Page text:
The war started in August 1803, The English had planned their tactics in advance. The northern command was given to General Lake while Arthur Wellesley was placed in charge of the army in the South. Besides, the English prepared themselves to fight in Gujarat, Bundelkhand and Orissa as well. Their aim was to engage the Marathas at several places at the same time and not to allow the Maratha chiefs to combine their forces. The Marathas had no such definite plan. Besides, the Maratha chiefs did not fight according to their traditional war methods but adopted European method in which they were not well adept. It resulted in quick defeat of the Sindhia and the Bhonsle who alone stood in the field. Arthur Wellesley captured Ahmadnagar on August 12, 1803 and defeated the combined forces of the two Maratha chiefs at Assaye. The Bhonsle was decisively defeated at Argaon on November 29 and the English occupied the strong fort of Gawilgarh on December 15, 1803. General Lake succeeded the same way in north India. He captured Aligarh in August 1803 and occupied Delhi in September. The Mughal emperor Shah Alam was also, then, taken under the protection of the English. The Jat Raja of Bharatpur also entered into a treaty with the English. The English also captured Agra in October. The Sindhia was badly defeated at Laswaree in the month of November and lost all his territory south of the river Chambal to the English. The English succeeded against the Marathas in Gujarat and Bundelkhand and occupied the province of Cuttack in Orissa. Thus, within five months, the Bhonsle and the Sindhia were defeated. They were forced to enter into treaties with the English.
The Bhonsle signed the treaty of Deogaon with the English in December 1803 by which he surrendered large territory to the English and accepted other terms of the Subsidiary Alliance.
The Sindhia also accepted a treaty with the English at Suraj-Arjangaon on the terms of the Subsidiary Alliance. Both rulers accepted the treaty of Bassein.
The treaties brought the Sindhia and the Bhonsle under the influence of the English. But, Jaswant Rao Holkar was yet undefeated. He had not participated in the war so far. Holkar plundered the territory of Jaipur and, in April, 1804, the English declared war against him. The Holkar defeated Colonel Monson at the Mukand-dara pass very badly. Emboldened by his success he besieged Delhi in October, 1804. But Lt. Colonel Ochterlony defended Delhi and the Holkar was forced to raise the siege after a week. He was then defeated at Dig on November 13 and next at Farrukhabad by General Lake on November 17. The Raja of Bharatpur had been friendly to the Holkar. Therefore, the English desired to befriend or crush him. The Raja agreed for peace with the English in April, 1805.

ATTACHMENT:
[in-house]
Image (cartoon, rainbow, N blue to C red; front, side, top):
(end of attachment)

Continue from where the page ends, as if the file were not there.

Thus, the English were gradually succeeding against the Holkar. But, at that very time, the Directors called back Wellesley and deputed Lord Cornwallis to India as the governor-general. The recall of Lord Wellesley saved the Holkar, Lord Cornwallis had come with specific Instructions to make peace with the Marathas. He, however, died on October 5, soon after his arrival at Calcutta. But Sir George Barlow who, after him, worked in a temporary capacity as the governor-general, was also in favour of peace. General Lake had pursued Holkar up to Amritsar where he had proceeded in the hope of some help from the Sikhs. He was, however, disappointed in his hopes and opened negotiations for peace with General Lake. Barlow immediately agreed for it and the treaty of Rajpurghat was signed with him on January 7, 1806.
Thus, the treaty of Bassein resulted in the second Anglo-Maratha war. This war resulted in a serious blow to the power of the Marathas. The Maratha chiefs were forced to surrender large pan of their territories and surrender their foreign policy to the English. The acceptance of subsidiary forces and English residents within their territories further reduced their power and influence concerning even internal affairs of their states. Thus, the Maratha power was seriously crippled. From this point of view, the treaty can certainly be regarded as an important treaty.
Source used : NCERT, Tamil Nadu Board, IGNOU Modern History, NIOS textbooks. Wikipedia notes for UPSC exam.
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Questions for UPSC mains :
Describe the circumstances leading to the treaty of Bassein (1802). What were its consequences?